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More questions in supplement scandal

A new twist emerges in the Essendon supplement crisis as Andrew Demetriou angrily defends a phone call he made to Essendon's chairman.

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An internal power struggle has emerged at Essendon over the handling of the ASADA-AFL investigation into the club, with chairman David Evans under pressure from key board members and apparently at odds with coach James Hird.

Evans' deputy Paul Little, the club's finance director Paul Brasher and fellow board member Phil Pryor are among those concerned about the chairman's perceived close relationship with the AFL during the joint investigation and have privately criticised what they feel is a ''soft'' approach to attempts to get to the truth of events that took place at Windy Hill last season. Evans has stated from the outset that his priority has been to protect his players.

David Evans leaves the board meeting.

David Evans leaves the board meeting. Photo: Pat Scala

Little's view is shared by the James Hird camp, which is concerned that the club is not fighting hard enough to clear Hird's reputation and save the Bombers from a harsh punishment at the hands of the AFL. The widespread speculation is that the club faces the loss of premiership points from 2013.

The division largely centres on Evans' relationships with AFL chiefs Andrew Demetriou and Mike Fitzpatrick, along with influential commissioner and Essendon supporter Bill Kelty.

Hird attended Essendon's board meeting on Thursday night but said he simply ''gave his footy report on the way home''.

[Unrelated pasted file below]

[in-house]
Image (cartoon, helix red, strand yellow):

Evans confirmed after the meeting that the board talks had been scheduled and largely concerned the findings of the Switkowski report. He denied reports he had any intention of resigning.

''I want to make this really clear - tonight was a regular and scheduled monthly board meeting,'' Evans said outside Essendon's Windy Hill headquarters.

''In relation to media reports late this afternoon, I am not standing down as chairman.

''The board did not ask me to explain my version of events.

''This was a routine board meeting.

''If you don't mind, I'm going to go off to dinner and it's not a farewell dinner.''

Hird has been revealed as the key witness who claimed that Demetriou had spoken with Evans on the eve of the club's decision to self-report about his players' substance use. Hird is understood to have told the ASADA-AFL investigation that Demetriou called Evans at his home on February 4 during an emergency meeting involving Evans, Hird, former CEO Ian Robson, club doctor Bruce Reid and Corcoran. The Hird evidence, later corroborated by Corcoran, appears to place the Bombers coach at odds with his chairman, who has denied claims he was tipped off by Demetriou. Robson has backed Evans' version of events.

It has also firmly placed the Hird camp at odds with Demetriou, who has repeatedly denied confirming to Evans that Essendon had an issue with potentially banned substances. Hird's evidence reportedly suggests Demetriou and Evans discussed the club's use of potentially banned substances.